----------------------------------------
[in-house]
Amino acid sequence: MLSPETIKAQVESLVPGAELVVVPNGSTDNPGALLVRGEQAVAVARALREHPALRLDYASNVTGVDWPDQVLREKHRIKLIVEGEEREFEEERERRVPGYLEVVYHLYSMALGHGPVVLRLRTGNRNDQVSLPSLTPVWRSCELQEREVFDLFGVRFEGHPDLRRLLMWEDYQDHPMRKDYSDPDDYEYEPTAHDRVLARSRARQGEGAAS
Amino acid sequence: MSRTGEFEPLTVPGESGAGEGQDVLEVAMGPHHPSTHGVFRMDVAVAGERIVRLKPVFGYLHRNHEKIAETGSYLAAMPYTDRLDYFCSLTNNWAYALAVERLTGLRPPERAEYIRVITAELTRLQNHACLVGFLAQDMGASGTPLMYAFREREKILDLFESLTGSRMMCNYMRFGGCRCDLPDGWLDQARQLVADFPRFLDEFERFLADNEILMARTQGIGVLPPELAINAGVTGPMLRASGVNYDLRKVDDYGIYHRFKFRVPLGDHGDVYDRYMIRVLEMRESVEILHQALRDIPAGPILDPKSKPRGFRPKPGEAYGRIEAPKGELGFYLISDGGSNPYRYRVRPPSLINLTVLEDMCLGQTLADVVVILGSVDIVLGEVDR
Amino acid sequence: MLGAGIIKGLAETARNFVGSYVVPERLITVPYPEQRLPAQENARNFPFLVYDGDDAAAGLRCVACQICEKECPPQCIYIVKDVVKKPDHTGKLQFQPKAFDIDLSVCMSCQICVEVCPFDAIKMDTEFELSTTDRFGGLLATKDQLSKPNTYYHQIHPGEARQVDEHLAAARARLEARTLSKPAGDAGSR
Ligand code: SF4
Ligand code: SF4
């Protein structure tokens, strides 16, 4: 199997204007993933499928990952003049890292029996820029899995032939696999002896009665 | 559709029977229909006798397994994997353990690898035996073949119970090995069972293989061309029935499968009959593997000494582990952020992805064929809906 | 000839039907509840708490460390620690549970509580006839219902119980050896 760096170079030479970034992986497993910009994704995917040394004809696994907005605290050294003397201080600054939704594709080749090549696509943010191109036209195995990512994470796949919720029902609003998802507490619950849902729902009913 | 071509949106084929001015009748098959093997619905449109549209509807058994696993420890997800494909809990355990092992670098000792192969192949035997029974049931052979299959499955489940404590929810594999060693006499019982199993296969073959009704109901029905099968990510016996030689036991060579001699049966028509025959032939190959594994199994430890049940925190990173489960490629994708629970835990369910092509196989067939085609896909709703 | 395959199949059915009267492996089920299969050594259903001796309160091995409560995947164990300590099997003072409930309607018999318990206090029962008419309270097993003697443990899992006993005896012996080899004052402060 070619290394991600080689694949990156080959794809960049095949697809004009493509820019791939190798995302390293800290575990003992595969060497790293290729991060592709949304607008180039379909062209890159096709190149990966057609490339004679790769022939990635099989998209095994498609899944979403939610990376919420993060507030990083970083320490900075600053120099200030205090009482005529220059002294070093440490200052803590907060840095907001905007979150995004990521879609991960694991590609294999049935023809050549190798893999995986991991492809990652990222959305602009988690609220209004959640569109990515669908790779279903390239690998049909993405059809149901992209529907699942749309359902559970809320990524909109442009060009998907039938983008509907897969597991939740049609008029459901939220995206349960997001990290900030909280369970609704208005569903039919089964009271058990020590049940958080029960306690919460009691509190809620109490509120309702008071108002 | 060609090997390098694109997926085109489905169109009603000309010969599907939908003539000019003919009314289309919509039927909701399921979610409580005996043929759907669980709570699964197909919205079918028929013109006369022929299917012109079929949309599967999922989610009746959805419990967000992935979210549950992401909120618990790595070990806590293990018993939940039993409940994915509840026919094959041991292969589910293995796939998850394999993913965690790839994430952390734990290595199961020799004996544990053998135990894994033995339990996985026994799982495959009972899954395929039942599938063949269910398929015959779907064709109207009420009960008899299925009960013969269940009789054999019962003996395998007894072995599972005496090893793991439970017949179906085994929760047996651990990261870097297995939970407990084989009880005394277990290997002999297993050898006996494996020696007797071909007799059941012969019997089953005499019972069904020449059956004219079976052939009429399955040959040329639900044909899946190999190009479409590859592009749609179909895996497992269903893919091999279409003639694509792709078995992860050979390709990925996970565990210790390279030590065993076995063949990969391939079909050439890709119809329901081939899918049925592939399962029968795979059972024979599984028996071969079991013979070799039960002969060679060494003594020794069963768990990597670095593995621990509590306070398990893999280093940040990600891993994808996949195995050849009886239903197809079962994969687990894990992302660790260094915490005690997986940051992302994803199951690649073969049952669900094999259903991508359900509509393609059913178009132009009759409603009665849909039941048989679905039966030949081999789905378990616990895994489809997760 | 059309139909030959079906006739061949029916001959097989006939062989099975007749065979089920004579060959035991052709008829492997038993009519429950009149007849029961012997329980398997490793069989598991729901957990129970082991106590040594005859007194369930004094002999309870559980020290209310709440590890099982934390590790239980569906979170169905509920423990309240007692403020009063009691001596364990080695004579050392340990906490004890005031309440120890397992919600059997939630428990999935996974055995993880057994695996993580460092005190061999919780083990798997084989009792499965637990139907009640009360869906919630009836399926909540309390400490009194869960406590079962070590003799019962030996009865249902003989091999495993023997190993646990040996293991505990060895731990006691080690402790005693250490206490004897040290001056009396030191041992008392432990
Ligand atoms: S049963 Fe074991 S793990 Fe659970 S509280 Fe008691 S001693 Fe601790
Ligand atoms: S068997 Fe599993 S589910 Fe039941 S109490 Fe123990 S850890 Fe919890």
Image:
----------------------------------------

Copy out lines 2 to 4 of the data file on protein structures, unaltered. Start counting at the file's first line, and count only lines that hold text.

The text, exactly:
Amino acid sequence: MLSPETIKAQVESLVPGAELVVVPNGSTDNPGALLVRGEQAVAVARALREHPALRLDYASNVTGVDWPDQVLREKHRIKLIVEGEEREFEEERERRVPGYLEVVYHLYSMALGHGPVVLRLRTGNRNDQVSLPSLTPVWRSCELQEREVFDLFGVRFEGHPDLRRLLMWEDYQDHPMRKDYSDPDDYEYEPTAHDRVLARSRARQGEGAAS
Amino acid sequence: MSRTGEFEPLTVPGESGAGEGQDVLEVAMGPHHPSTHGVFRMDVAVAGERIVRLKPVFGYLHRNHEKIAETGSYLAAMPYTDRLDYFCSLTNNWAYALAVERLTGLRPPERAEYIRVITAELTRLQNHACLVGFLAQDMGASGTPLMYAFREREKILDLFESLTGSRMMCNYMRFGGCRCDLPDGWLDQARQLVADFPRFLDEFERFLADNEILMARTQGIGVLPPELAINAGVTGPMLRASGVNYDLRKVDDYGIYHRFKFRVPLGDHGDVYDRYMIRVLEMRESVEILHQALRDIPAGPILDPKSKPRGFRPKPGEAYGRIEAPKGELGFYLISDGGSNPYRYRVRPPSLINLTVLEDMCLGQTLADVVVILGSVDIVLGEVDR
Amino acid sequence: MLGAGIIKGLAETARNFVGSYVVPERLITVPYPEQRLPAQENARNFPFLVYDGDDAAAGLRCVACQICEKECPPQCIYIVKDVVKKPDHTGKLQFQPKAFDIDLSVCMSCQICVEVCPFDAIKMDTEFELSTTDRFGGLLATKDQLSKPNTYYHQIHPGEARQVDEHLAAARARLEARTLSKPAGDAGSR